The 13th round of Corps Commander-level negotiations held in Moldo on Sunday failed to produce a breakthrough between India and China, contrary to projections. The People’s Liberation Army (PLA) group arrived with a “pre-determined mindset,” according to top sources because they were “aggressive” and “knew the outcome of the talks.”
In their respective comments, India and China both stated that there was no agreement on disengagement in the remaining areas of conflict. The hot springs, Demchok, and the very contentious Depsang plain are the three points of conflict. The conflict has been blamed on both sides.
The crisis on the LAC was triggered by “unilateral Chinese efforts to disrupt the status quo,” according to an Indian Army statement. While China stated that India should “celebrate a difficult win-win scenario in the China-India border areas,” India responded by saying that it should “cherish a tough win-win situation in the China-India border areas.” The Indian Army, on the other hand, stated that negotiations will continue between the two countries.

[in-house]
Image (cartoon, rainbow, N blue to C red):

“During the discussion, the Indian side made constructive suggestions to fix the remaining areas,” the Indian Army memo continued, “but the Chinese side did not concur and could not make any forward-looking proposals.” As a result, the remaining issues were not addressed at the meeting.
According to sources, not just the hot springs were on the table, but also all of the friction spots, including Demchok and Depsang.
In a press release, the PLA Western Command described India’s demands as “unrealistic and outrageous,” adding to the complexity of negotiations.
For the past 17 months, there has been a standoff in eastern Ladakh. 50,000 to 60,000 Indian soldiers are likely to spend another severe winter in high altitudes, where temperatures will dip below minus 30 degrees.
In eastern Ladakh, Chinese infrastructure has been constructed on a vast scale. Permanent structures for domestic troops, helipads along the LAC, airport upgrades in front of India, road expansion, bridge construction, and increased boat strength at Pangong Tso are all on the table.
“If the Chinese are there to stay, then we are there to live,” Army Chief General MM Naravane stated, referring to the infrastructure being built.